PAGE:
... we want the limiter to reflect not just the national maximum speed – currently 70mph – but the maximum speed in any locality. Therefore the speed limiter will ensure the driver could not drive faster than 30mph where that maximum speed applies.
A while ago I drove such a vehicle. The accuracy was stunning. I entered London via the M1 at 70mph and once the 50mph limit came into force the car slowed to 50mph. On moving onto local roads the speed reduced to 30mph. If you imagine a dual-carriageway with a parallel access road a couple of metres away I was able to travel along the dual-carriageway at 50mph but as soon as I moved to the access road I was reduced to 30mph.

Read the whole article here: http://newurbannetwork.com/article/30-mph-traffic-too-fast-children-judge-accurately-study-finds-14515

Letting go of inhibitions...

From the Spokesman Review:
CORVALLIS, Ore. - A 65-year-old Oregon man has been convicted of public indecency for riding his bicycle through a Corvallis park while nude. 
The Gazette-Times reports that David Owen Lamb told arresting officers he found riding without clothes exciting. 
But during his trial, Lamb, who served as his own legal representative, argued he did not have the intent to sexually arouse himself or anyone else in the park and along the bike path. 
Among the witnesses was Benton County Sheriff Diana Simpson, who had been running along the bike path with her husband, Bret Godfrey. 
A judge sentenced Lamb to 20 days in jail after a Benton County jury found him guilty on Tuesday

Wednesday, May 4, 2011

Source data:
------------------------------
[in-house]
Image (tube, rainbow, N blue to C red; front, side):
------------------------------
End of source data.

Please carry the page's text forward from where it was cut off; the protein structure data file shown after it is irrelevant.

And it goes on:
Poll Results

The results are in!
When asked if they would bike or walk more if they had better facilities, Ped/Bike Blog viewers responded:
14% bike all the time no matter what
71% would bike more if there were better facilities
7% will never bike
and 7% don't know what a bike facility is.

Take the new poll!
Will you ride your bike to work on Bike to Work Week?

Yarn Bombers

A new form of urban art is appearing around the country as these knitting ninjas leave their creative marks for all to admire. The bike rack idea really isn't too bad. It would save the paint on my top tube.

Read more here: http://www.sfgate.com/cgi-bin/blogs/inberkeley/detail?entry_id=88273

‘Cycle tracks’ in cities could save bicyclists lives

Public health researcher Anne Lusk argues that installing bike routes separate from motor vehicles will boost cycling and make compact communities work better.

New Urban Network
Dr. Anne Lusk wants everyone to learn a new term: “cycle track.” And not just learn it — apply it to the planning and development of cities everywhere.

A forceful advocate of bicycling, Lusk commanded the spotlight at CNU-New England’s annual conference in March when she received the chapter’s first Achievement Award and repeatedly pressed conferees to make biking an integral part of community design.

Click here to read the entire article

Tuesday, May 3, 2011

The Bike Clock

The sprockets are all chained together to provide the correct gear reductions for accurate timekeeping! It incorporates 12 bikes. 5 bikes to get a 1 to 1/60 reduction ratio (seconds to minutes), another 5 bikes to reduce the minutes to hours, and then two bikes to reduce hours to 12 hours. Now, to find a place to hang it...

IKEA Bike Trailers

IKEA, that patent purveyor of all things flat-pack just announced that it has just teamed up with Velorbis to offer an exciting new service to its Danish customers: bike trailers. The arrangement will supply IKEA stores with a fleet of free trailer bikes, giving Danes an eco-friendly way to haul their housewares home and proving, once again, that Denmark rocks the bike lane.

A Bike About Town

Would you believe me if I told you that my morning commute to work is like this every day?

Okay, so I don't actually bring my dog to work...